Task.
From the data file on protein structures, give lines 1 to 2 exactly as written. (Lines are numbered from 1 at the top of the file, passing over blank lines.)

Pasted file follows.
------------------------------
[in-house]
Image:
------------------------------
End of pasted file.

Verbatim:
[in-house]
Image: